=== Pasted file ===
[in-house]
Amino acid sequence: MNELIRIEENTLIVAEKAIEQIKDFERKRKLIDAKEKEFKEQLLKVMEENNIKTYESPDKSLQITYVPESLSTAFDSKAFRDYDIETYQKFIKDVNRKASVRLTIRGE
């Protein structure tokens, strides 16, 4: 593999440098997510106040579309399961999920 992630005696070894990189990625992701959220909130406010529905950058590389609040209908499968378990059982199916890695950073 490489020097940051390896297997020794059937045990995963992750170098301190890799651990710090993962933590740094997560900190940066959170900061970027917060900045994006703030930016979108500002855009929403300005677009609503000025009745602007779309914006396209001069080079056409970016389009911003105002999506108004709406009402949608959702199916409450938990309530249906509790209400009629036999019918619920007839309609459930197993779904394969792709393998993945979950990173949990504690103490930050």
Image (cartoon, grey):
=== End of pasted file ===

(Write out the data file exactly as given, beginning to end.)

[in-house]
Amino acid sequence: MNELIRIEENTLIVAEKAIEQIKDFERKRKLIDAKEKEFKEQLLKVMEENNIKTYESPDKSLQITYVPESLSTAFDSKAFRDYDIETYQKFIKDVNRKASVRLTIRGE
């Protein structure tokens, strides 16, 4: 593999440098997510106040579309399961999920 992630005696070894990189990625992701959220909130406010529905950058590389609040209908499968378990059982199916890695950073 490489020097940051390896297997020794059937045990995963992750170098301190890799651990710090993962933590740094997560900190940066959170900061970027917060900045994006703030930016979108500002855009929403300005677009609503000025009745602007779309914006396209001069080079056409970016389009911003105002999506108004709406009402949608959702199916409450938990309530249906509790209400009629036999019918619920007839309609459930197993779904394969792709393998993945979950990173949990504690103490930050």
Image (cartoon, grey):